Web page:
Photography: Fenway Park Panoramas

Fenway Park MapOpened on April 20, 1912, rebuild and expanded in 1924, and reconstructed in 1934 to it's current dimensions, the baseball park located in the "Fens" section of Boston's Back Bay is one of only two major league ballparks built before 1957 still standing today (the other being Chicago's Wrigley Field). Fenway Park's intimate setting, friendly atmosphere, imposing left-field wall, and classic architecture reflect and embody all the traditions of America's national pastime. To the Red Sox's ardent & loyal fans, and baseball purists everywhere, Fenway Park is the quintessential expression of baseball.

To view a panorama from a particular location in Fenway Park, click on a numbered bullet on the image at the right, one of the links in the Panoramas menu, or just scroll down to browse through the collection.

Digital panoramas were constructed by using the "Panorama" feature of my Canon camera and then stitched together using Hugin, a full-featured, comprehensive, and free panorama creation tool available for Windows, Linux, and Apple computers. Older 35mm film panoramas, originally constructed from scanned photographs using Apple's long-discontinued "Quicktime VR Studio" software, have been reconstructed from scanned negatives using Hugin.

Click on any image for a much larger version. Note that all images are watermarked.

2013 American League Championship Series

Panoramic view from Fenway Park's Bleachers, in the triangle.
Taken from the bleacher seats located "in the triangle" at Fenway Park just before the start of the ALCS Game 1 against the Detroit Tigers . No one, myself included, ever expected the Red Sox play above .500, let alone make the Post Season, but they did. And, thanks to outstanding pitching, an amazing closer, a seemingly miraculous number of timely hits, and David Ortiz' blistering hitting percentage, they became MLB's World Champions of 2013. Can't wait until Opening Day 2014!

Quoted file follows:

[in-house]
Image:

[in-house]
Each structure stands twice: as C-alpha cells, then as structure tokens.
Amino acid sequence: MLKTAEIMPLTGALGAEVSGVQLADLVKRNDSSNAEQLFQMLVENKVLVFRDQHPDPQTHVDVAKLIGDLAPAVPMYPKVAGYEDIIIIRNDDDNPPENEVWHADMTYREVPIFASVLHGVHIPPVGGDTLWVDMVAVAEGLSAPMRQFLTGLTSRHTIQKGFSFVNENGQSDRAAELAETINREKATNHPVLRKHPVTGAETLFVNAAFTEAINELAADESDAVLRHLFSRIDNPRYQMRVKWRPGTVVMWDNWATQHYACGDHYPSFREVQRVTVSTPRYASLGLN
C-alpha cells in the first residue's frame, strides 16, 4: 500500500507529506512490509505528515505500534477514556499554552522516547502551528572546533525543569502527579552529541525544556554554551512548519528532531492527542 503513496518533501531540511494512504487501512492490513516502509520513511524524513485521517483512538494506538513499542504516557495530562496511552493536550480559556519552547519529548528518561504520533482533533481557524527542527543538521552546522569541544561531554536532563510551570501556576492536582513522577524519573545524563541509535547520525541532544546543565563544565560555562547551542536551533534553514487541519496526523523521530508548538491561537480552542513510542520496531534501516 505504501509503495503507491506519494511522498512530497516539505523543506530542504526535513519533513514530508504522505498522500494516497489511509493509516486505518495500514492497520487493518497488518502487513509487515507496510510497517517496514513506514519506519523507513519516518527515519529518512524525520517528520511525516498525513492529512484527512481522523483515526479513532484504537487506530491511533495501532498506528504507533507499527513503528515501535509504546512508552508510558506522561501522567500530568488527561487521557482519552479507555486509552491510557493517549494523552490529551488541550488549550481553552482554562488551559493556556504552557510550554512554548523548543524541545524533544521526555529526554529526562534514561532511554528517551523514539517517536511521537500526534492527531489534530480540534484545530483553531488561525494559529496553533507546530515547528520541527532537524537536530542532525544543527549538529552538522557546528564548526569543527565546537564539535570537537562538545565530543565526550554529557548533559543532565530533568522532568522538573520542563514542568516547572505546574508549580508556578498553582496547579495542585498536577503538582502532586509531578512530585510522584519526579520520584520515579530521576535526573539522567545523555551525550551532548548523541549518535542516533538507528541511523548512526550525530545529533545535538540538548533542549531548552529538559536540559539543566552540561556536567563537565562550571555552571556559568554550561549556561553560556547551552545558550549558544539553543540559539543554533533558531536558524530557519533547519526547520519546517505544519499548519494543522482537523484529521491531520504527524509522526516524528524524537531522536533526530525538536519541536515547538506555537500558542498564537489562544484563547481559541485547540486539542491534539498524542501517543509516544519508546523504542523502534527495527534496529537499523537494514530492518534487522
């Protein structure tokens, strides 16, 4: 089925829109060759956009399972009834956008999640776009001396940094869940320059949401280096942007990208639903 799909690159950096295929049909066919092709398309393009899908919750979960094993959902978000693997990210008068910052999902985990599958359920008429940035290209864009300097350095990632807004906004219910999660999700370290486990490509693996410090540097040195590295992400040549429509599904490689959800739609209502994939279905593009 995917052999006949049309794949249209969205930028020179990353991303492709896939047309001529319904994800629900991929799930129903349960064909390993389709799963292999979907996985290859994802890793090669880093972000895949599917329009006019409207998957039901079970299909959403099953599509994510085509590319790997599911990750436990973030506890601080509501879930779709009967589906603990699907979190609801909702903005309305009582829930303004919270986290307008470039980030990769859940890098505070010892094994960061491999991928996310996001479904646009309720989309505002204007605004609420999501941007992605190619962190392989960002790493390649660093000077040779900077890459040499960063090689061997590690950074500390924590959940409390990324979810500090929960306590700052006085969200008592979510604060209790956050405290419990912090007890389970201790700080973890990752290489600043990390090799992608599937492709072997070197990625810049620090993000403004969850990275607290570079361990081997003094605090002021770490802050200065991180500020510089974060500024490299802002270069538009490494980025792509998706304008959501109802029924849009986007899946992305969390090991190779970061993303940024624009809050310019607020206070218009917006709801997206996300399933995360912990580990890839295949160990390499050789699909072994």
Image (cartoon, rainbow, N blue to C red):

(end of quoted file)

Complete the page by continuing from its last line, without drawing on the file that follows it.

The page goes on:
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Loge Seats, 1st Base Dugout

Panoramic view from Fenway Park's left field upper deck.
A 180-degree panorama taken from the Loge seats just behind the Red Sox dugout during a late-season game against the Baltimore Orioles. For Red Sox fans, the 2012 Season was a disaster as the Sox and Orioles swapped their traditional placements in the American League East standings. A closer inspection of the image reveals it was taken across both halves of the inning.
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Upper Deck, Left Field

Panoramic view from Fenway Park's left field upper deck.
Fenway's Monster Seats may be (ok, they are!) spectacular, but they aren't the highest seats in the park. Thanks to a stroke of luck right before the 2009 American League Divisional Series game between the Red Sox and the Los Angeles Angels of Anaheim we were able to upgrade our seats from the bleachers to the upper "State Street Pavillion" level, where we could look down on both the field and the Monster Seats. Incredible food, dedicated fans, a chance to try on a genuine 2004 World Series Championship Ring, the occasional nausea-inducing vertigo, and a late-game Red Sox victory made for a very memorable night.
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Opening Day, 2008

2008 Red Sox Opening Day panorama.
The 2007 World Series Champions Red Sox are introduced to their appreciative fans as the New York Yankees respectfully look on. After (1) the 2005 Opening Day Ceremony celebrating the Red Sox' first World Series Championship since 1918 and (2) the 1999 All-Star Game at Fenway, this was the most memorable Red Sox experience of my life.
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Home Plate View